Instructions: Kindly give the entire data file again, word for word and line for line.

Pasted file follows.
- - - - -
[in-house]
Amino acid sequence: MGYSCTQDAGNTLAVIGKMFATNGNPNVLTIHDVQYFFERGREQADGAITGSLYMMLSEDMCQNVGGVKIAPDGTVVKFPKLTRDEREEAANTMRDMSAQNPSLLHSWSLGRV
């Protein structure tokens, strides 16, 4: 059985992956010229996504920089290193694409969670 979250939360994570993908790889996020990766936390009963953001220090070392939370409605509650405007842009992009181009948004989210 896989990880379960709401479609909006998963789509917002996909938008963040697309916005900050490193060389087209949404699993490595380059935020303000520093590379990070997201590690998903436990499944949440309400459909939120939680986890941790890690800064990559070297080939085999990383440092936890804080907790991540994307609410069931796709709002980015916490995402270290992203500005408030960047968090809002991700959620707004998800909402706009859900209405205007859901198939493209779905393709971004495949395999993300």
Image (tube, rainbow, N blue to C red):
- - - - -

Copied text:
[in-house]
Amino acid sequence: MGYSCTQDAGNTLAVIGKMFATNGNPNVLTIHDVQYFFERGREQADGAITGSLYMMLSEDMCQNVGGVKIAPDGTVVKFPKLTRDEREEAANTMRDMSAQNPSLLHSWSLGRV
């Protein structure tokens, strides 16, 4: 059985992956010229996504920089290193694409969670 979250939360994570993908790889996020990766936390009963953001220090070392939370409605509650405007842009992009181009948004989210 896989990880379960709401479609909006998963789509917002996909938008963040697309916005900050490193060389087209949404699993490595380059935020303000520093590379990070997201590690998903436990499944949440309400459909939120939680986890941790890690800064990559070297080939085999990383440092936890804080907790991540994307609410069931796709709002980015916490995402270290992203500005408030960047968090809002991700959620707004998800909402706009859900209405205007859901198939493209779905393709971004495949395999993300």
Image (tube, rainbow, N blue to C red):